Magazine article Eye : The International Review of Graphic Design

Raise the Bar

Magazine article Eye : The International Review of Graphic Design

Raise the Bar

Article excerpt

Cultural design sometimes patronises audiences in the relentless pursuit of new customers. Not so with these uncompromising posters for the Theatre Nanterre-Amandiers in Paris.

Visual communication for the cultural sector is, in the opinion of many designers, the last best hope for expressive and radical graphic design before it is finally submerged in a sea of anodyne branding and corporate sterility. And yet, as was pointed out in these pages by Nick Bell ('The Steamroller of Branding', Eye 53), the cultural sector is not always the 'promised land5. Bell wrote: 'Since the 1980s, art galleries and museums have chosen to employ the same methods of per suasion that business uses, because they see themselves more as businesses. In the grip of a new spirit of openness, they believe their customers need to be lured to look at art with a mode of address they understand from spending time in the supermarket - an approach that can easily become patronising.'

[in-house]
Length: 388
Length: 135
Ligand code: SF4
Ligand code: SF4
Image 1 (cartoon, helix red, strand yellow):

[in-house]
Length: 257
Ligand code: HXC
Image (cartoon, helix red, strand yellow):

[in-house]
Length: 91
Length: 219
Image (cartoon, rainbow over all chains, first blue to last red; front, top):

Not so the Theatre Nanterre-Amandiers. Under its director, Jean-Louis Martinelli (described by Pascal Bejean - one of the designers of the theatre's promotional material - as someone 'imbued with the spirit of 1968'), this small venue, half an hour from the centre of Paris, offers a bold repertoire of broadly leftist theatre that deals with geopolitics, Africa and France's colonial past.

In 2002, a competition was organised to find a design team to give the theatre a 'new spotlighf. The contest was won by the Parisian design group Labomatic (Pascal Bejean, Frederic Bortolotti and Nicolas Ledoux). Labomatic were prominent members of the new wave of 1990s French designers. Their work, well known and greatly admired in France, showed the influence of the radical developments that had taken place in America during the 1980s and 90s. The spirit of Cranbrook - and of Rudy Vanderlans' Emigre - was evident in the group's early work for French cultural institutions and art galleries, and in the posters and printed material they did for Nanterre-Amandiers.

Labomatic disbanded in 2009, and Bejean and Ledoux broke away to work as a duo under their own names. They were subsequently joined by Olivier Korner, and together they have carried on the task of designing the print campaigns for Nanterre-Amandiers.

Posters are central to the theatre's efforts to attract audiences. Produced for display on the Paris Metro, these posters make no attempt to depict individual plays. …

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